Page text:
× Introduction~ World Stateless Children
Migration, forced displacement, and childhood statelessness~ Jyothi Kanics
The stateless Rohingya~ Helen Brunt
Accessing documents, preventing statelessness~ Monica Sanchez Bermudez
Syria’s displacement crisis, statelessness and children~ Zahra Albarazi
Stateless refugee children of Syria - interviews~ Thomas McGee
The long-overlooked mystery of refugee children’s nationality~ Gábor Gyulai
The open sky or a brick-and-mortar school? Statelessness, education and nomadic children~ Heather Alexander
Preventing statelessness of migrant children~ Alice Sironi and Michela Macchiavello
Birth registration problems in complex migration contexts – case studies from the Netherlands~ Laura Bosch
Risks of statelessness for children of undocumented parents in Europe~ Lilana Keith
Table of contents


Alice Sironi and Michela Macchiavello

Author information

Alice Sironi is Migration Law Specialist in the International Migration Law Unit of IOM Geneva. She trains government officials and other stakeholders on international migration law and provide advice on national legislation in this area. She holds a PhD from the University of Naples, Italy, with a thesis on ‘Nationality in international law’ and published on nationality issues. Her current research interests are on migration and statelessness, as well as environmental migration and protection of migrants in disaster situations.


Michela Macchiavello is Specialist for the Assistance of Vulnerable Migrants, in the Department of Migration Management at IOM in Geneva. Amongst others, she coordinates efforts on trafficking and exploitation in times of crisis and acts as a division focal point on children on the move. Michela delivers training on IOM’s counter-trafficking strategy to IOM staff and to external partners. Michela holds a Master Degree in Migration Studies from the University of Sussex, UK.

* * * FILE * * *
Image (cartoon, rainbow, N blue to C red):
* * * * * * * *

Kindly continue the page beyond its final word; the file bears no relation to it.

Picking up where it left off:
Email address

Alice: asironi@iom.int; Michela: mmacchiavello@iom.int

Online profile(s)


Further reading

Preventing statelessness of migrant children

Alice Sironi and Michela Macchiavello

1. Introduction: impact of migration on childhood statelessness

Throughout the migration cycle, a number of situations may have an impact on a child’s nationality. Some of these situations may give rise to uncertainty about what nationality the child has and, in more extreme cases, may leave him or her stateless. In the various stages of the migration process, the causes of statelessness or risk of statelessness may lie in the law and in its application or in situations of exclusion, invisibility or particular vulnerability in which children may find themselves. In other cases, a child’s nationality becomes difficult to prove due to lack of an identity card or other document to certify his or her birth or filiation.

The introductory essay of this chapter already discussed the impact that situations of migration or forced displacement can have on children’s access to nationality. This essay re-introduces the challenges by looking at some of the lesser-known factors that can influence a migrant child’s acquisition and retention of nationality. Thereafter, it discusses how, even in the absence of a specific mandate on statelessness, some of the International Organization for Migration (IOM)’s programmes contribute to preventing situations of statelessness or risk of statelessness for children who have migrated from their country of origin alone or with their parents, as well as for children who are born outside their parents’ country of nationality.